And why on Earth or any celestial body for that matter do we listen and fawn over economic predictions of the man with such disastrous foresight? Why is his every gargle during the Congressional Testimony being scrutinized as if it came straight from the throat of Nostradamus himself. Why are his statements still adorning front pages of financial sections of major newspapers. Why is CNBC not calling Adam Sandler or Paris Hilton about their recent musings on economy? They could get much more accurate predictions. And why not drag out that Pennsylvanian Groundhog out of its burrow while we are at it? It has a pretty darn good track record on weather. I am actually very curious what is Punxsutawney Phil's Phinancial Philosophy. Its final verdict would look great next to the horoscope section of the Wall Street Journal, which is where all economic prognostication belongs anyway.

Exhibit 2:

"If I'm working 70 to 80 hours a week, it's only fair - I'm not asking for charity," said Jose Felix, 30, a Wall Street securities trader who wouldn't name his firm, but was steamed over Obama's declaration on Thursday that the $18 billion in Wall Street bonuses was "shameful" amid the economic crisis.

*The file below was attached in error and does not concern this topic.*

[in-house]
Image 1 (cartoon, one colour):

Apparently, the harrowing experience of repeated haircuts hadn't quite opened the eyes of the Wall Street bozos. Their brash sense of entitlement and absolute lack of contrition would astound even the most contumelious of Leprechauns. How difficult is it to understand that if your firm loses billions of dollars in operations, then you do not deserve any bonuses, no matter how hard you work.

There used to be time when money was earned for creating something other people wanted, not by conjuring up financial pyramid schemes. Sure, the business model looks cute: as the market bubbles up, you reap fat profits, and when it crashes down, you put on your begging hat and come knocking at the taxpayer's door. But on a closer scrutiny, that sounds a lot like the business model of a common thief. In both cases money moves from person A to person B without the consent of the former.